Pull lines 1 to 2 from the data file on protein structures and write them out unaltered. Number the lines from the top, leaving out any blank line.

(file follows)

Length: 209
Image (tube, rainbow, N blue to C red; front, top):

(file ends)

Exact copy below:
Length: 209
Image (tube, rainbow, N blue to C red; front, top):